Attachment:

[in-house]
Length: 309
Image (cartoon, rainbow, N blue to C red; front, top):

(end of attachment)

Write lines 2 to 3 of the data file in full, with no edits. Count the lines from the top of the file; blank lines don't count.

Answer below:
Length: 309
Image (cartoon, rainbow, N blue to C red; front, top):